Mendelian Inheritance Patterns

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Terms in this set (43)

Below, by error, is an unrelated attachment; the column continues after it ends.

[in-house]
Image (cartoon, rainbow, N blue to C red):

Autosomal Dominant diseaserare, heterozygotes rarely have children, new mutations happen. One heterozygote and one homozygous normalFitnessthe number of offspring that reach reproductive age divided by the average number for the populationAutosomal Recessive Diseaseonly the homozygous carriers show symptoms. Normal occurrence is that patients are offspring of two heterozygous carriers. New mutations are rareHaplionsufficiencyone copy delivers insufficient amount of productAutosomal dominant inheritancephenotype shows presence of allele also in heterozygote; gene on autosome (not x or y)Autosomal recessive inheritancephenotype only present when two bad alleles are presentHow to recognize autosomal recessive inheritanceaffected do not normally have affected parents; average of 1/4 affected in each sibship; the parents are often related at some distantHow to recognize autosomal dominant inheritanceall affected have an (one) affected parent (except new mutations and reduced penetrance); average of 50% affected in a sibshipHow to recognize autosomal inheritanceEqual number of affected males and femalesHypophosphatemiarickets, misshaped, bent weight-bearing bones. x-linked inheritancex-linked recessivephenotype if there is no other allele present. hemizygous males is common, homozygous female is very rareX-linked dominantalways show phenotypeY-linked inheritancemale fertility; reports of non-syndromic hearing impairmentHow to recognize x-linked recessive inheritancemany more males than females affected; never father to son transmission, new mutations happen, affected nephew-uncle pairs: more common than in autosomal recessiveHow to recognize x-linked dominant inheritancemore females than males affected; never father-to-son transmissionHow to recognize Y-linked inheritanceonly father-to-son transmission1/2 of sons are affected; 1/2 of daughters are carriersmother is heterozygous with a X-linked recessive inheritance1/2 of sones are affected; 1/2 of daughters are affectedmother is heterozygous with a X-linked dominant inheritanceall daughters are carriers; no sons are carriersFather is affected with a X-linked recessive inheritanceAll daughters are affected, no sons are carriersFather is affected with X-linked dominant inheritanceSex-limited inheritancetypically influences traits expressed in one sex only or traits influenced by the sex hormonesReduced Penetrancecharacteristic of a disease. Person is completely without signs or symptomsNon-penetrant personone who has the predisposing genotype but does not show symptomsVariable expressivitydifference in severity or in age of onset for seemingly identical genotypeMitochondrial Inheritancefrom female carrier to all of her offspring, from male carrier to no-onelocus heterogeneitycaused by involvement of different loci= different genes, symptoms should be identicalAllelic heterogeneitycaused by different alleles at the same locus = same gene. Symptoms may be same or differentPhenocopieslooks like a known genetic disorder, but is caused by environmental influencePleiotrophymutaiton is one gene has more than one effect, effects in more than one physiological systemContiguous gene disorderstypically deletion or duplication of part of a chromosomeExample of Phenocopyholt-oram syndromeexample of pleiotrophycystic fibrosisexample of contiguous gene disordersDiGeorge syndrome